I guess I'm playing detective, gathering clues only I may have. Hopefully, we'll stumble on the reason for this, and maybe reading this will even jog your memories that will lead to a diagnosis. May never put a name to it. Just want to get better and never have to go through this or anything like it again. It may take lifestyle adjustments, diet changes, and/ or medications. Whatever it takes, huh?
Best to all,
P.S. FYI: A caution in taking beta blockers is that they have been found to make you more prone to Insulin resistance (your body becomes more resistant to the effects of insulin causing the possibility of your blood sugars to increase.) I have been taking a beta blocker off and on for nearly 30 years!
Had a mini- adrenaline- like surge this morning around 5AM. It has been five days this time since my last one. The last was Sunday and this bp spike was even less high. Still woke up shaky and supercharged with energy. Stayed in bed for a while because I was cold and on the verge of chilling. Then, put on my robe and socks and went back under the covers until the warmth made me have a hot flash and then I got up.

Did have a big day yesterday, but not really sure if that is related. Went to a stress reduction seminar orientation. A good friend accompanied me on the 1 1/2 hr drive. I drove both ways, and maybe that was too much. BP was elevated when I checked it when I got home, so I must have been feeling some stress on the drive home. Does that prove that I need to take the seminar or does it prove that I need someone to drive me to it or both?

Still feeling nauseated from the Seratonin from my last Zoloft increase. My doctor doesn't want to increase it anymore until the nausea goes away for at least a couple of days. Thought it would be a good idea to hold off with the 5 hour GTT until I was less nauseous. I also need to figure out a new schedule for taking my medication as they want you not to have anything by mouth for 12 hours prior and want you at the lab by 7AM (which is before the kids leave for school). The lab is not open on the weekends (small local lab). The doctor says that it will take four to six weeks for the Zoloft to be at it's most effective level.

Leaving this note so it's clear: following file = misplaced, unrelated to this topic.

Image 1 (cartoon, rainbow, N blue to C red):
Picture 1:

Still sleeping better. Slept 3 1/2 hrs straight again last night. Woke once at 4AM and had a few hot flashes. Turned on the small bedside fan until I cooled down, and went back to sleep until my morning zap.

Gratitude journal:
Housekeeper finally showed up after a couple of weeks of no shows. I am very blessed to be able to have someone to help with the hard cleaning chores and laundry, even if it is only once in a while. I am grateful for my dear sweet friend who gave up her day to accompany me to my seminar orientation. It is very beneficial for me to be able to express my thoughts in words by writing and hope those words can help others.

Hoping for a better day,
Hi, Laurie:
Sorry to hear about your bp spike. My holter report says my average HR was 67 BPM, with minimum at 46 and maximum at 97. I did have some ventricular (and supraventricular) ectopy with 9 runs. Before I had a blood pressure machine, I had been taking my pulse rate because I had been put on double the beta blocker medication. It is well known to make your heart rate go low, and my doctor told me to watch that it didn't go down lower than 50 BPM. So, when my heart would pound during the surges, I would check the rate. It never was tachycardic. The cardiologist mentioned that. But, I pointed out that I was taking a beta blocker (the low heart rate thing), but he just gave me a smug look (whatever that meant?). So, for your heart rate to go high on a beta blocker is significant, especially at rest, but as you probably know, 113 isn't considered high for exercising and it obviously recovered within 10 minutes. Most likely whatever made your bp spike is what made your heart rate increase. Did your endocrinologist give you any rationale as to the relation of hyperthyroidism and the bp spikes? I assume your other tests were normal. I would assume the increase in hormones causes stress to the body, whether it is felt emotionally or not, and a surge of those hormones would cause the sudden increase in blood pressure and heart rate. But don't quote me on that.

The name of the author is Jon Kabat-Zinn, PhD, from the University of Massachusetts Medical School. Apparently he's written and co- authored several dozen books. The book that the seminar uses is called "Full Catastrophe Living: Using the wisdom of your body and mind to face stress, pain, and illness." The program has been offered in the US and around the world for over 20 years and the flyer says that "this approach can help people who are coping with stress, pain, chronic illness, life- threatening disease, and the challenges of everyday life. I will keep you posted with my progress in the class.